Similar to WLP’s Vietnam findings, the Lao sprayed zones appear to have a significant number of persons with congenital disabilities. For example, in three small villages in Samoi District, in southern Salavan Province, WLP’s team identified 35 persons with disabilities that may be related to Agent Orange. Unlike victims of unexploded ordnance, persons with disabilities that maybe a consequence of Agent Orange rarely have had access to special humanitarian assistance and they are often too poor to make the journey to local medical facilities.
U.S. funding for people with disabilities in Laos have — for the most part — been targeted at those who have been injured by unexploded ordnance. Funding for people possibly suffering due to Agent Orange exposure could easily be remedied by adding a clause in future congressional appropriation bills to include support for “disabled persons living within former herbicide sprayed areas.” Congress has already approved such language for humanitarian assistance in Vietnam.
WLP also found a huge difference in awareness between Vietnamese and Lao citizens about Agent Orange and its consequences. Very few Lao have much awareness about Agent Orange and its possible effects. As a result, officials and humanitarian service providers will need study trips and extensive training on the probable correlation between the wartime Agent Orange spraying and certain congenital disabilities, cancers, and other neurological issues.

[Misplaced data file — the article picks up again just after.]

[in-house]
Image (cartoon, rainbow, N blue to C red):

With the president’s visit to Laos, this unaddressed herbicide issue could provide an opportunity to open up a dialogue about positive gestures for strengthening Lao-U.S. relations. Based on field visits and discussions with Lao counterparts, WLP’s executive director Susan Hammond offers the following recommendations:
- Support study trips for Lao policymakers to learn about the ongoing Vietnam-U.S. cooperation on the remediation of herbicide hotspots and humanitarian assistance for persons with congenital disabilities.
- Ensure that future U.S. humanitarian aid includes attention to persons with disabilities in the herbicide spray zones of southern Laos. This could include special medical facilities and vocational training centers in the southern sprayed areas, aimed at disabled persons with congenital birth defects and their caregivers.
- Investigate quietly with the Lao government old CIA bases and outposts for evidence of polluting residues for clean up and remediation if needed.
- Declassify the CIA’s records on the war, especially documents related to herbicide spraying and storage, so that potential hotspots can be identified.
- Facilitate cooperation among scientific and medical communities of Vietnam, Laos, and the United States for regular discussions and actions related to pollutants.
Ms. Jacqui Chagnon is an international development specialist with more than 45 years experience working on Southeast Asia issues in the fields of post-war reconstruction and reconciliation, participatory development, human rights, and U.S.-Asia foreign policy. In addition to serving as the president of the WLP board, she volunteers as a senior advisor for its Laos program.